Alberta Christina Lyste was born in Maple Grove Township, Barron County, WI, the first child of Thomas Lyste and Clarice Nelson. Clarice was only 16 years old. They were second generation Norwegians, both from farm families.
For the first 9 years of her life, things were good. Lawrence, Archie, Delbert and Donna were added to the family and Alberta remembers school and home being good.
Then in April of 1930, Thomas came down with a cold that turned to pneumonia, and in just a few days he died. These were the days before good medicines were available, and pneumonia was often fatal.
The economy had turned bad in 1929 with the start of the Great Depression—jobs were hard to find, farm products sold for very little and times were hard. When Tom died, Clarice, then 25 years old had to move the family from the big house on the rented farm to the old house, now a small granary.
With a new baby and 4 other children, Clarice wasn’t able have a job, and so the family had to go on County Assistance of $30 per month. After paying the rent for the granary, there was not enough money to live on. Although they got a little help from relatives and neighbors, by November they were almost always short of food.
The relatives and neighbors did not seem to like Clarice and took it out on the whole family. Clarice had been 25 years younger than her husband.
Then at the beginning of December, after a meal of soup made from potato peelings off of the neighbors scrap pile, according to Archie,
Clarice was at the end of her wits. She told the children, to take care of each other and she would try to find something to help them do better. She left, walking away, never to return.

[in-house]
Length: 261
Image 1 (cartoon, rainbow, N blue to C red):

As the oldest, Alberta, age 9, had to take charge. She was used to taking care of her younger brothers and the new baby, so she knew what to do—but what could they eat?
She sent Lawrence to the neighbors with a pail to get some milk for the baby. He came back crying because he spilled the milk. Alberta insisted he go and try again or the baby would die (Mom and Lawrence knew what this meant, as one of Tom and Clarice’s babies had died and they remembered her being buried on the farm next to Dorrity Creek). This time he was successful.
She went to the neighbors and begged for food, but didn’t tell them her mother had left them alone. Her mother had told her if people found out, the family would be broken up and the kids given to other people.
For two weeks, Alberta managed to keep the secret and keep the family together, and somehow got enough food to keep them from starving, expecting her mother to return anytime. But she didn't come back.
Finally, the school teacher worried why Alberta was not coming to school. Alberta loved school and had awards for perfect attendance, so something must be wrong.
“My mother hasn’t been home for 2 weeks,” sobbed Alberta as the Barron County Sheriff interviewed her and checked out the living conditions, baby and small children with Alberta responsible for all of them.